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Separating The Moral From the Practical Argument Against Torture

05/25/2011 12:15 pm ET

Three weeks ago, The New York Times vented a secret Department of Justice memo approving the use of torture as a means of interrogation. President Bush shrugged the memo off insisting, "This government does not torture people." Times columnist Frank Rich, who begs to differ with the president, published an opinion piece Sunday (10/14) in which he insisted that, with the latest wink and nod at water-boarding, the U.S. has crossed the Rubicon from an incompetent to an immoral democracy. As the title of his article suggests, "The Good Germans Among Us," Rich reasons that at this point, those of us who do not scream out to our congressperson are as complicit in evil as the "Germans who professed ignorance of their own Gestapo."

In his brief against torture, Rich recalls a meeting with Americans who, during World War II, extracted important information from prominent Nazis without lifting a fist. I suspect that Rich has other grounds for insisting that we put the electrodes away, but many of the arguments he and others voice today against the use of torture as truth serum are based on the claim that torture is simply not efficacious.

There is, I believe, a serious flaw with this line of argument, for it in effect states that if we could in fact beat the truth out of people on a consistent basis then we might be justified in doing just that.

The Israelis, from whom we seem to take a lot of cues on these issues, have been practicing so-called "enhanced interrogation techniques" for generations. There are members of their intelligence community who believe that there are situations in which pain and threats can be used to elicit life-saving information. Human rights groups reported that between 1988-1994 Israel detained more the 100,000 Palestinians. A third of them were violently interrogated. As for those who fret that a person in severe duress will say anything, just make it plain that if the information is misguided the authorities will be making a visit to the detainee's family.

In the mid-'90s, legislation was proposed in Israel to make torture legal and thus, more humane, as it would then be open to government scrutiny. During the debate, Andre Rosenthal, the lawyer who pressed for the suspension of the injunction against the rack said: "No enlightened nation would agree that hundreds of people should lose their lives because of a rule saying torture is forbidden." Upon learning that one of the High Court judges was playing Pilate and would not offer a ruling either for or against the use of physical force, Rosenthal fumed, "That's the most immoral and extreme position I have heard in my life....[A] thousand people are about to be killed and you propose that we don't do anything." According to Rosenthal and others, when you have someone in custody who may be able to tell you the whereabouts of a bomb, it is the moral obligation of the state to do anything necessary to make him or her speak.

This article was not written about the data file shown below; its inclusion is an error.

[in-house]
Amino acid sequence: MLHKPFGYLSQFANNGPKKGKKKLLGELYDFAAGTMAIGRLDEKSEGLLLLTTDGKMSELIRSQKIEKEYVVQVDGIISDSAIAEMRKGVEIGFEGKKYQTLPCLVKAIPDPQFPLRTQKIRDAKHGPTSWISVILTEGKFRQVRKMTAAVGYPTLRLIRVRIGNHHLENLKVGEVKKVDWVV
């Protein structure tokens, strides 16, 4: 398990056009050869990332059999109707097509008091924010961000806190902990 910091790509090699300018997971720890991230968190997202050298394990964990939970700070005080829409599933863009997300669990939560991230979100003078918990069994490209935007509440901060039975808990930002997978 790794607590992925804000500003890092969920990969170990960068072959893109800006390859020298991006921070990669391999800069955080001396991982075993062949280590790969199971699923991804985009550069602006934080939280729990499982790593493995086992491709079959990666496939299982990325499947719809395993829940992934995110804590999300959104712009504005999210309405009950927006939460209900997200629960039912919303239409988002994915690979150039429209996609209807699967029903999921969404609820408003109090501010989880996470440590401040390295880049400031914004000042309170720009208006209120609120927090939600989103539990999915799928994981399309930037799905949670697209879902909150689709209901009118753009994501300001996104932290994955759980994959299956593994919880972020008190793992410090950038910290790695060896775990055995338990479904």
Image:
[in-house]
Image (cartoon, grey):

For all of the intelligence officers who have come forward to talk about the unreliability of torture techniques, there are others who swear that it sometimes works, and sometimes is more than enough. As the supporters of the harrowing machine would have it, if a few innocents are banged around, that's unfortunate -- as unfortunate as other forms of collateral damage.

It is not enough to raise doubts about torture as a method. When the critics of Gestapo techniques base their condemnation on statistics and the testimony of selected experts, they are in peril of conceding that under certain circumstances it might be appropriate, or even obligatory, for the defenders of freedom to take out their tongs. Those of us who would swear off the kinds of practices that we have been sub-contracting to other nations have to separate the moral from the practical arguments. We have to maintain that there are some practices, like slavery, that are wrong unconditionally. The Universal Declaration of Human Rights provides the premises for this position and clearly instructs us that there are limits to what one human being can do to another, without losing his or her humanity.

Professor of Philosophy Gordon Marino teaches ethics at St. Olaf College, Northfield, MN.